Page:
Fandom: Chronicles of Narnia
Summary: Edmund spent too many years at war with himself, his mind hates him, and he’s forced to deal with evil, poncy, stupid, mean, Peter the Git. How does overcome his own private war? Set in the end of The Lion, the Witch, and the Wardrobe.
Disclaimer: This story is based on characters and situations created and owned by C. S. Lewis, various publishers including but not limited to Harper Books and Harper Trophy Books. No money is being made and no copyright or trademark infringement is intended.
Edmund spent too many years at war with himself.
His only redeeming salvation was that he would realize it before his self-made conflict utterly destroyed him.
Edmund still fought an internal loosing battle, however, because he had not yet had the realization. Comprehension had not dawned inside him. Comprehension turned elusive, which was just fine by him. He did not want to comprehend the sort of person he was becoming.
He was becoming as evil and self-righteous as he told himself Peter was. He was becoming as heartless and imperfect as he claimed Susan was. He was becoming as stupid and childish as his mind whispered Lucy was.
Edmund had yet to realize that his mind deceived him. His mind decided to betray him, for his mind hated him.
His mind hated him nearly as much as it hated his soul.
A soul his mind thought to lose somewhere in land filled with Winter.
A soul his mind thought to bury under packed snow and smothering ice.
A soul his mind thought to conquer and break.
Edmund’s mind supplied him with perfect Heaven. It was a beautiful place—he could almost taste it in each hurried bite of perfect Turkish Delight. He could almost smell it in the clean, sharp scent of pure, perfect snow. He could almost feel it when perfect warmth spread though him, flooding his body the same way he envisioned power would. He could almost see it lurking in the vindictive, rigid spires of the perfect castle he was told he’d have to rule. He could almost hear it in each perfect word falling from the dark lips of his perfect Enchantress.
The search for perfection is meaningless.
To look for Heaven is to live in Hell.
Hell became his imperfect bondage. Edmund went willingly, unable to hear the calm voice of reason among his internal thirsty shouts for power and worship. How could such thoughts be anything but Heaven, when Peter (evil, poncy, stupid, mean, Peter) was gone? How could such a life be anything but Heaven when he, Edmund the Great, and not Peter the Git, would be a Prince?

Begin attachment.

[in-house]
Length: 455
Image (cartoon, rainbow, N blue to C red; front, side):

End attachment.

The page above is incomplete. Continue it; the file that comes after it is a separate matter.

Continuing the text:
How could such thoughts come to him? How could such thoughts control him? How could such desires overcome him?
Easily. He let them. He willingly lost the battle.
Edmund did not know that the war had yet to be fought. He did not know his fate would be decided that day. He did not know that his siblings-- the ones he’d made false cases against, the ones he’d belittled, badgered, beat, and broke inside the private sanctuary of his mind would come and fight so strongly for his heart.
For his soul. For his life.
He did not know that Peter was far more noble and dignified than he ever was given credit for. He did not know that Susan was gentle and wise beyond the Susan he had so often yelled at in his head. He did not guess that Lucy was far more forgiving and gallant than he would have thought her capable of.
Edmund did not know these things about the people he called family, but he soon learned on that fateful day in a land he originally claimed didn’t exist. He noticed, in shamed silence, how Peter had wished to pay the price of life and blood in place of his, Edmund’s, debt. He saw Susan grace him with a smile and a hug before they plunged into the fray. He felt tender healing from Lucy, her face pale and drawn with worry, as she saved him.
That day he realized his war and battles and bitterness stemmed from himself. That day he learned what humility was, as well as the amount strength and courage it took to feel such humility.
After that day, he finished his private battles.
That day he felt lion-strength push into him and fill him more than any amount of power could. He saw that worshiping this Lion was far greater than being worshiped himself.
That day he watched his sister’s faces next to him as they were crowed Queens. He watched his brother Peter crowned High King of Narnia and the Emperor of the Lone Islands.
After that moment, he ended his private war.
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